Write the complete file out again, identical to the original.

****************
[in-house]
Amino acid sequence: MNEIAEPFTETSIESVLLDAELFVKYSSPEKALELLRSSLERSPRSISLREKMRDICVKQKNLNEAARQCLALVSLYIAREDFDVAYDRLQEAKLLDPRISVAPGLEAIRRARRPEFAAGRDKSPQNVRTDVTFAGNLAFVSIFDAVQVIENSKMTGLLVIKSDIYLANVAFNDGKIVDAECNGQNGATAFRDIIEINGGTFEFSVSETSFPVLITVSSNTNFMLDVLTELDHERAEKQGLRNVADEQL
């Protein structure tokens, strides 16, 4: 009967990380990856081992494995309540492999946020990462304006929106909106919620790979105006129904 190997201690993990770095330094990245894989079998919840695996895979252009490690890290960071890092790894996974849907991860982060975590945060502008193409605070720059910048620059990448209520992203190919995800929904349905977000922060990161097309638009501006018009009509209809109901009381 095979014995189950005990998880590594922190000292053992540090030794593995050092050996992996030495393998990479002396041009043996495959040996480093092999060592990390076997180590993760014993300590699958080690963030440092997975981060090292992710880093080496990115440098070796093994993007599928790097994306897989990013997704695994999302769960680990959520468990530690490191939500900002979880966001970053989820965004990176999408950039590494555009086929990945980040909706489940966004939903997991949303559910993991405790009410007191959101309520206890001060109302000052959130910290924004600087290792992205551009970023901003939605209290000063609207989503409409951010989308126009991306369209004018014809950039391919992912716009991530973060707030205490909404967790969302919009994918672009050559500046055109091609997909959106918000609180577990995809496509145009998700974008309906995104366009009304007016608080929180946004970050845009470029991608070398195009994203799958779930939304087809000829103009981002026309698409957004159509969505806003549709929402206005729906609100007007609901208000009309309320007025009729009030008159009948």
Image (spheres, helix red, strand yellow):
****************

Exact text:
[in-house]
Amino acid sequence: MNEIAEPFTETSIESVLLDAELFVKYSSPEKALELLRSSLERSPRSISLREKMRDICVKQKNLNEAARQCLALVSLYIAREDFDVAYDRLQEAKLLDPRISVAPGLEAIRRARRPEFAAGRDKSPQNVRTDVTFAGNLAFVSIFDAVQVIENSKMTGLLVIKSDIYLANVAFNDGKIVDAECNGQNGATAFRDIIEINGGTFEFSVSETSFPVLITVSSNTNFMLDVLTELDHERAEKQGLRNVADEQL
């Protein structure tokens, strides 16, 4: 009967990380990856081992494995309540492999946020990462304006929106909106919620790979105006129904 190997201690993990770095330094990245894989079998919840695996895979252009490690890290960071890092790894996974849907991860982060975590945060502008193409605070720059910048620059990448209520992203190919995800929904349905977000922060990161097309638009501006018009009509209809109901009381 095979014995189950005990998880590594922190000292053992540090030794593995050092050996992996030495393998990479002396041009043996495959040996480093092999060592990390076997180590993760014993300590699958080690963030440092997975981060090292992710880093080496990115440098070796093994993007599928790097994306897989990013997704695994999302769960680990959520468990530690490191939500900002979880966001970053989820965004990176999408950039590494555009086929990945980040909706489940966004939903997991949303559910993991405790009410007191959101309520206890001060109302000052959130910290924004600087290792992205551009970023901003939605209290000063609207989503409409951010989308126009991306369209004018014809950039391919992912716009991530973060707030205490909404967790969302919009994918672009050559500046055109091609997909959106918000609180577990995809496509145009998700974008309906995104366009009304007016608080929180946004970050845009470029991608070398195009994203799958779930939304087809000829103009981002026309698409957004159509969505806003549709929402206005729906609100007007609901208000009309309320007025009729009030008159009948």
Image (spheres, helix red, strand yellow):